What Defines A Classic Novel?


4 Answers

Geoff Pursel Profile
Geoff Pursel answered
Well, I won't give you quotes from a dictionary, I'll just say it how I feel it.
I believe that a classic novel would be a book that has not only been around for a while, but also still remains popular. Sure, you could call any book 100 years old or more a classic, but if no one remembers it, than what good is it?
If it wasn't very good, or if no-one remembers it, I don't believe it a classic. Just an old book.
Yooti Bhansali Profile
Yooti Bhansali answered
A novel is an extended version of a narrative, which is usually fictional in nature. This form of literature started out as short works about love, and continued to be recognised by this characteristic till the eighteenth century. It graduated to a newer style when it used characteristics from other styles and developed into one of the foremost literary genres.

A novel can be called a classic when there is a significant time period between its publishing and the current age we are in. In other words, it has to be old, as well as critically renowned as a good novel. Then, it can be called a classic.

Examples of classic novels are Oliver Twist, Les Miserables, and A Tale of two Cities etc.
Anonymous Profile
Anonymous answered
I believe a classic is something that really teaches a lesson. Like in Pinocchio it teaches people that lying is never good.
Patricia Devereux Profile
The Western novel as we know it today is generally believed to have come into existence in the mid-17th century with the works of Daniel Defoe ("Robinson Crusoe") and Samuel Richardson.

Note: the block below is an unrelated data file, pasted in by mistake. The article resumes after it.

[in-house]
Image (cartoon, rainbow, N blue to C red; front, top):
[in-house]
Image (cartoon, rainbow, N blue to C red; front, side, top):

The novel came about with the rise of the middle class, and Defoe and Richardson were the first to express the concerns and interests of that social group in prose, versus poetry.

The sentimental and aristocratic refinements of earlier epic romances and poems gave way to the themes and straight-forward dialect of the newly literate class of shopkeepers, apprentices, servants, and soldiers.

In "Pamela" and "Clarissa", Richardson presented a morality tale and an insight into the sensibilities of women -- a growing segment of the reading population. Characters' emotions and states of mind were analyzed, a new concept.

In "Tom Jones", Henry Fielding created a lasting image of a romantic protagonist who rises from poverty to wealth by his wits and with the help of women of differing levels of virtue. This became known as the "sentimental hero."

Tobias Smollet and Laurence Sterne enlarged upon the Fielding hero and the picaresque genre of following a hero's exploits as he encounters many types of people, from whom he shapes his moral compass.

Sterne's "Tristam Shandy" took the radical course of a nonlinear plot (common in modern literature), with interruptions to digress to the past. Dickens and Thackery enlarged upon these themes and methods in the 19th century.

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